Spent the week in Portland researching Chocolate Shops recently. Out gracious concierge at The Nines Hotel gave me some great places to check out while my husband was at work. Today’s blog will focus on the chocolatiest hot spots in Portland including Creo Chocolate, Woodblock Chocolate, and Cloud Forest Chocolates.

 

To be truthful, I actually spent the morning at Stumptown Coffee writing my last blog because it was one of the only places open early. This cool place had Ace Hotel in an adjoining room that guests could drink their latte’s and read the news or work on their computer. Since I had to drive my husband to work by 8AM, I needed a place to hang out before venturing out into the city. This was the perfect place to write and enjoy my two shots of espresso and steamed milk. Delicious. My usual preferred method of blogging consists of a happy hour where I order a Shock Top Beer with fresh orange and an appetizer. The words start flowing and my fingers start typing.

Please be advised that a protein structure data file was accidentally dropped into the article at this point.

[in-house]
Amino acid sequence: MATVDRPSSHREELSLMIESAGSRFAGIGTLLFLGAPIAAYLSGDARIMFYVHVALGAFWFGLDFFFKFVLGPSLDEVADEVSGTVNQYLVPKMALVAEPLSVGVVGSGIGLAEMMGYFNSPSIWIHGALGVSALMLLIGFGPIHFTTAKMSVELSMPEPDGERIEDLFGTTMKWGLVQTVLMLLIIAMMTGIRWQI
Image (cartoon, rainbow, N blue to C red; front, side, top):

Creo Chocolate is a family owned and operated bean to bar factory with internationally award winning hand crafted chocolate. Their beans are sourced from the Los Rios region of Ecuador and they use 2 main ingredients: cacao beans and evaporated cane juice. They offer Twicks Bars (yes that’s what I said) made from milk chocolate, shortbread and caramel. I had to have one and it was decadent. The Batch Bar looked equally delicious make with dark chocolate, coconut almond praline and caramel. I saw truffles galore made by their chocolatier Jeremy Karp who makes many chocolates with fun names like Vietnamese iced coffee, Dark chocolate meltaway, Coconut almond delight, Spicy passion, Garden mint, Yuzu gimlet, Earl grey, Raspberry dark, Dulce de leche, Hazelnut crunch and  try my favorite Raspberry dark chocolate. I wish I had bought one of each! They sold malt balls, Cacao Seasoning Rub, Hazelnut Chocolate Spread, and have a variety of sipping chocolate mixes like Mayan Spice, and Mint, Midnight Truffle. And of course they had chocolate bars like 62% Dark Orange, Dark Raspberry, 73% Dark Toasted Coconut which I had to have, 64% Oreo Crunch, a Dark Milk and a Coffee and Cream bar Yum. Honestly, chocolate is almost a spiritual experience. I know how much work goes into growing, harvesting, fermenting, packaging and preparing each and every sustainable bar.